"One night we started talking about the future... I turned to Fidel and said, 'Guajiro, what do you want?'And he said, 'I want glory and fame.'"
-- Alfredo "Chino" Esquivel, Castro's classmate at the University of Havana
In the United States, Latin America, Europe, and in far corners of the globe, people from all walks of life either despise Fidel Castro as a ruthless dictator or lionize him as a champion of social justice. Nearly five decades after he assumed power, he remains a living legend, a touchstone for revolutionaries the world over, and a symbol of resistance to American dominance.
Fidel Castro is a new two-hour documentary from American Experience on the controversial, charismatic dictator who has confounded American presidents from Eisenhower to Bush, while surviving a CIA-backed invasion, countless assassination plots, an economic embargo -- even the collapse of his benefactor, the Soviet Union.
For the leader of a small Caribbean nation, Castro's impact on the latter half of the twentieth century has been inordinate. Castro sent his soldiers to the farthest reaches of the world and roused his people to accomplish heroic feats, in the name of justice and the promise of a brilliant future. But he also drove two million Cubans into exile, and silenced those who dared challenge his rule.
"To make this film," says filmmaker Adriana Bosch, "I had to reach deeper into my heart than I ever have before to attempt to answer the questions, Why Fidel Castro? And what really happened in Cuba under him?"
"Adriana Bosch brings to this documentary a rare combination of 20 years of filmmaking experience, personal interest, and academic training," says Mark Samels, executive producer of American Experience. "She is an accomplished documentarian; a native of Cuba, where she remained for a decade after the revolution; and her doctoral dissertation dealt with Cuban involvement in the Sandinista revolution. She is uniquely suited to make this film."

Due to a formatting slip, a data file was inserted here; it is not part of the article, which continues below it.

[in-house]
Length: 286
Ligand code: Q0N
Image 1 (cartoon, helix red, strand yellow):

To craft this documentary, Bosch and her production team interviewed exiles and defectors, foreign policy experts, journalists, scholars, former members of Castro's government - even his daughter, Alina Fernández, and former brother-in-law, Rafael Díaz-Balart. The first-hand accounts of people who lived through the revolution -- either participating in it, battling against it, or fleeing from it -- are interwoven with the observations of Cuba experts, including Harvard University's Jorge Domínguez; Norberto Fuentes, a writer once close to Castro and now living in exile; Washington University's William Leogrande; and Marifeli Pérez-Stable, a professor at Florida International University. The producers were unable to gain entrance to Cuba despite repeated attempts.
The observations and experiences of these and other witnesses come to life against a backdrop of vivid and revealing images:
- Castro's mother, Lina, and Las Manacas, the Castro family's sprawling sugar plantation, shortly after it was seized by the revolutionary government
- Castro's first interview on American television, only five months after arriving in legendary Sierra Maestra mountain terrain
- Scenes of the early days of the revolution as seen through the lens of Soviet filmmakers
- And documents and photographs smuggled out of Cuban prisons, many seen here for the first time.
Unflinching in its approach, the documentary does not shy away from controversy, while acknowledging both Castro's accomplishments and his failures.
"Castro has managed to remain in power longer than almost any other leader in the last 100 or 200 years," comments Brian Latell, who spent 25 years studying him for the CIA. "It's a remarkable tenure -- a testament to his political skills, to his ability to play as a grand master at chess, always two, three moves ahead."
"There is a great chasm between the promise of the revolution and its results," notes Alcibíades Hidalgo, Raúl Castro's former chief of staff, who defected in the mid-1990s. "Cuba is, pure and simple, a dictatorship each day more devoid of the attributes that once made it attractive."
"Ultimately, the film is a cautionary tale," says Bosch. "It is the tragic story of a nation who saw a messiah in just a man."